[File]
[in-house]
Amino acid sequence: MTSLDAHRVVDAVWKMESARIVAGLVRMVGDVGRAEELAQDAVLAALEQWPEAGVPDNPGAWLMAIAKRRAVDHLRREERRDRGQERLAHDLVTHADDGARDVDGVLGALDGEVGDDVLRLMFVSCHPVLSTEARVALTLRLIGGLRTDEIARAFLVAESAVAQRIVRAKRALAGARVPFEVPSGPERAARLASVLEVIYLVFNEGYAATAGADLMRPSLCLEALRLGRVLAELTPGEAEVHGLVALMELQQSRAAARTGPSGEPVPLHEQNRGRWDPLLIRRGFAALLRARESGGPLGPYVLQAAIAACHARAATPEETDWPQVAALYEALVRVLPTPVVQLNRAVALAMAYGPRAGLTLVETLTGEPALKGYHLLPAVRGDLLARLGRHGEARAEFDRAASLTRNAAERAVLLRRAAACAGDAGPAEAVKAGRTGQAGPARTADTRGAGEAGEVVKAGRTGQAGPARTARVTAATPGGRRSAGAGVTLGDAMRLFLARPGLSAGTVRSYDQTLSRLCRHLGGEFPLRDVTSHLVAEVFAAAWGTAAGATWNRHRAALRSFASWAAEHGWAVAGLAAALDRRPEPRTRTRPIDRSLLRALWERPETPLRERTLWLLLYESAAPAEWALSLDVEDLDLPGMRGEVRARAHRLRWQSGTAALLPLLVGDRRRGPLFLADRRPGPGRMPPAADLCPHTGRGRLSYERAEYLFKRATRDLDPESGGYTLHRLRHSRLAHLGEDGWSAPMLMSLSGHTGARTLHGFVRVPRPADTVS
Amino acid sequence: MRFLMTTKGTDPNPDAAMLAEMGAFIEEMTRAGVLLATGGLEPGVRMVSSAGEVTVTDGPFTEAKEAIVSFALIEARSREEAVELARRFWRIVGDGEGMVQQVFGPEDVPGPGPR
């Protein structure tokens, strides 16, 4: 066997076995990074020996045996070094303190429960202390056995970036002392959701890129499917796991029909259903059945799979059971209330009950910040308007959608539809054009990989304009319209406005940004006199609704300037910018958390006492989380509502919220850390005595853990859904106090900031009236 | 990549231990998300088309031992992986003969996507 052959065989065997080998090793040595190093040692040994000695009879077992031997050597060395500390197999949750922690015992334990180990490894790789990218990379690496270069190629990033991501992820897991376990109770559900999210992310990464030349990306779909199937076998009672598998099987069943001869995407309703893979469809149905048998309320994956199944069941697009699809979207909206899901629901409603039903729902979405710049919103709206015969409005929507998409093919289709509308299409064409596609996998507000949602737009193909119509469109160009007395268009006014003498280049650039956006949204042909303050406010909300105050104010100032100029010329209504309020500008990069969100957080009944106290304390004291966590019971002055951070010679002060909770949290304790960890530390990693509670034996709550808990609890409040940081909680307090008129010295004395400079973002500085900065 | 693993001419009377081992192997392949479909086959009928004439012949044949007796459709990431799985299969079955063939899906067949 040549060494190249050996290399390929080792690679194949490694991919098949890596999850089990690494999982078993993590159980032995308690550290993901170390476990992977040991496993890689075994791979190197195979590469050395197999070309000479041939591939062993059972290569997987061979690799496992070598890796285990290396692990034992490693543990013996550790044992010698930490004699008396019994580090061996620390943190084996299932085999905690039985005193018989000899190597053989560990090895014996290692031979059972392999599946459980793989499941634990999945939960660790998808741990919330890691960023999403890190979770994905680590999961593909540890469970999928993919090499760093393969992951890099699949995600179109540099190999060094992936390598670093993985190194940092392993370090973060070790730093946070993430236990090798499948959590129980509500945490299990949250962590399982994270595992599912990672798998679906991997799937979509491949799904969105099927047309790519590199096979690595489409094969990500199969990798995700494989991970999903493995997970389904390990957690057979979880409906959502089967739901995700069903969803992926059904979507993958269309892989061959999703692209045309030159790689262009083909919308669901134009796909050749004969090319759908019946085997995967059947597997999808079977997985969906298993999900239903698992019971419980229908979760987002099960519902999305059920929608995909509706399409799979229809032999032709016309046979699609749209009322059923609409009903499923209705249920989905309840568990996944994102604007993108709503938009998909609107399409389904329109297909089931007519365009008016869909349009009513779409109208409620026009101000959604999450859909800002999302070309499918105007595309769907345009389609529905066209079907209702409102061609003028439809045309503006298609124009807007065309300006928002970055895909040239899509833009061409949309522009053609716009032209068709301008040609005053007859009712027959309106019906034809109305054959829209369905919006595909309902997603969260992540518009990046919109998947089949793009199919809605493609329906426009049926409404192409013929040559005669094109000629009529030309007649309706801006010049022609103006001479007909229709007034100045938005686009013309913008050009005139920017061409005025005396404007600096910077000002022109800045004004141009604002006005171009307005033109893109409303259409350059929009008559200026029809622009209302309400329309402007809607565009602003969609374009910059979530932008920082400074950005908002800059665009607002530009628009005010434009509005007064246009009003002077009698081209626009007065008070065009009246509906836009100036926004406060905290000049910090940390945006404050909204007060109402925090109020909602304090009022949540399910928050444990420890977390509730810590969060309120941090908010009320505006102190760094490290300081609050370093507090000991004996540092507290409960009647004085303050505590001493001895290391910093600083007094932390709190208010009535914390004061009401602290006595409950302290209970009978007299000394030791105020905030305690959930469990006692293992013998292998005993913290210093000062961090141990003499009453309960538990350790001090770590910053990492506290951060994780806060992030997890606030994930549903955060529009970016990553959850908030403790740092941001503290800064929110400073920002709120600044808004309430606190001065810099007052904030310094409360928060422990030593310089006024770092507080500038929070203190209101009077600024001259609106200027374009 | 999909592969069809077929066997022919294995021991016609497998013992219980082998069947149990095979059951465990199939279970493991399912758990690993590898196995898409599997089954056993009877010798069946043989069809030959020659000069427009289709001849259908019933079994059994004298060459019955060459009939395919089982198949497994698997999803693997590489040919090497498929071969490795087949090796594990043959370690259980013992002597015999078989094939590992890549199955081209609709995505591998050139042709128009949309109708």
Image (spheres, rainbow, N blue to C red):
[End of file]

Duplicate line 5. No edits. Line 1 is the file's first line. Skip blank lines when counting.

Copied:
Image (spheres, rainbow, N blue to C red):